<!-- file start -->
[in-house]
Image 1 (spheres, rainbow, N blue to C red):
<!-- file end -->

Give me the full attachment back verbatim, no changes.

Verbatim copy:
[in-house]
Image 1 (spheres, rainbow, N blue to C red):